President Harry Truman was the President of the United States from 1945 to 1953, a time of grand expectations in post WWII America. He succeeded President Franklin D. Roosevelt after he died. President Truman had big shoes to fill after President Roosevelt’s historic New Deal. One of those shoes to fill was America’s changing culture and an increased sense of expectations. Some of those expectations included an increase in funding for public education. Many education advocates at the time felt as if public education needed increased funding in order to prepare all Americans for post WWII life. Though President Truman supported President Roosevelt’s New Deal, during his presidency he was a fiscal conservative who questioned federal involvement in state education and thought that his presidency was not a time for “experiments.” According to President Truman:
When I say I am opposed to Federal control of the schools, I mean I am opposed to control by any officer or department of the Federal Government, whether it be the United States Office of Education, the Federal Security Agency, or any other bureau or official. I, therefore, do not understand how the relationship between any of these offices or agencies is of any relevance to the problem of keeping the schools of America free of Federal control. (Harry S. Truman Library & Museum).
Delilah W. Pierce was the chairman of public affairs for the National Sorority of Phi Delta Kappa at the time and is on record, according to the National Education Association of the United States, as asking the 81st Congress to pass an adequate federal-aid-to-education bill. Delilah W. Pierce and Phi Delta Kappa:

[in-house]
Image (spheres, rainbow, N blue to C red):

[F]avored federal aid to education under state and local control, to assist the states in…equalizing educational opportunity for all the youth of our nation regardless of race or creed.
To view more about Delilah W. Pierce and the history of African Americans on Martha’s Vineyard and Nantucket please view: African-Americans on Martha’s Vineyard & Nantucket. The book was authored by Robert C. and Karen E. Hayden, and published by Select Publications and the University of Wisconsin – Madison, 1999.
As a member of the Phi Delta Kappa Sorority, Delilah W. Pierce fought so that Washington, DC and all underserved school districts, including rural districts, could receive appropriate funding for public education.
In the December 26, 1957 issue of Jet Magazine Delilah W. Pierce helped promote Earl Hooks’ and James A. Porter’s painting and ceramic exhibit at Howard University.
James A. Porter was the head of Howard’s art department at the time and the director of Howard’s art gallery. Mr. Porter would go on to receive the Lady Bird Johnson award for being one of the best art teachers in the nation.
Earl Hooks at the time was a new comer and a teacher in Washington, DC. Mr. Hooks went on to chair the art department at Fisk University.
Delilah W. Pierce hosted a planning meeting of the Phi Delta Kappa sorority at her home in the Washington, DC Gold Coast – A nickname for the community of Washington, DC’s African American elite. At the time, the president was Mr. Olivia Henry, educator and fierce advocate for African American young people understanding the importance of education.
Delilah W. Pierce and Alma Thomas were professional peers and friends. According to the Smithsonian Institutes Archives of American Art their relationship was captured in the Alma Thomas papers, 1894-2001, in her Little Paris Group, 1948. The Little Paris Group, as described in the archives: